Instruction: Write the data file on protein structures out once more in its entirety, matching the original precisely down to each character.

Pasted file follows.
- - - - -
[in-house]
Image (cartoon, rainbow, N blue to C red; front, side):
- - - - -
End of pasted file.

[in-house]
Image (cartoon, rainbow, N blue to C red; front, side):